1. Set the camera to M (Manual use)
2. On the lens, set the aperture you want to use (Also select the ISO on the camera)
3. Hold the exposure button half-way down and manually focus the lens. You will hear a beep, and see the green hexagon in the viewfinder, to show you are in focus. I have no problem in focussing even when the lens is stopped down and the image is dim. It just takes a little longer to focus.
4. Press the green button and you will hear a loud click, which I assume is the camera setting the exposure time
5. Take your finger off the green button and press the exposure button all the way down and you will take the photo.

I tried to take some flash shots using the above procedure under dim-light conditions, but it does seem to work. The camera takes a picture as if the flash gun is not deployed and I get a long exposure plus the flash. The result is overexposure. I guess the flash cannot be used when the camera is on M.


Hope this helps.

Last edited by psoo; 02-08-2017 at 08:47 AM. Reason: typo
02-07-2017, 04:00 PM   #37
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I use tav or manual, the camera on manual focus and lens on manual as well. select your aperture then press the green button and it will set the shutter speed for you. I've tried flash as well but it blows out the picture. A real test is outside on a sunny day I guess. I don't want to mess about these lens now that it's winter time, moisture and such. Thanks. I use the backbutton method and wait for the green dot the red square and the beep. Do you mean press the shutter button all the way down? step 5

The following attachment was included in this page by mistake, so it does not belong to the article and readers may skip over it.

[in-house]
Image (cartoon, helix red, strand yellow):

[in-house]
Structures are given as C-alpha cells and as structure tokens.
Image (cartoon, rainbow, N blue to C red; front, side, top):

And your last comment is what I'm trying to get at, I think both of us need more ambient light ie outside on a sunny day. Keep me informed if/when you try this outside and if you play with different apertures as well. What are the specs on the lens that your using?

---------- Post added 02-07-17 at 04:05 PM ----------

35mmfilmman,by opening up you mean changing apertures right? Opened up means lowest aperture right? Yes I did that, I went to 2.4 or something because I wanted to let more light in. I tried the flash and it was blown out. Maybe I should have went to f9. when I tried the flash. This was an indoor experiment. I have a f1.8 55mm takamur . The viewfinder gets kind of dark, I just want to know how bright it would be outside in the sun
02-07-2017, 04:53 PM   #38
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QuoteOriginally posted by psoo Quote
Hi enyah, I think I gave you some incomplete info on my technique for using a manual lens on my K50. I have carried out more tests and actually find that I must only set my camera selection dial on "M" to get correct exposures. When I set the dial to "Auto" in preliminary tests I found that the exposures were fine, but it was just a fluke. The camera should only be set at "M". Here is my new procedure for using manual lenses on the K50:

1. Set the camera to M (Manual use)
2. On the lens, set the aperture you want to use (Also select the ISO on the camera)
3. Hold the exposure button half-way down and manually focus the lens. You will hear a beep, and see the green hexagon in the viewfinder, to show you are in focus. I have no problem in focussing even when the lens is stopped down and the image is dim. It just takes a little longer to focus.
4. Press the green button and you will hear a load click, which I assume is the camera setting the exposure time
5. Take your finger off the green button and press the exposure button all the way down and you will take the photo.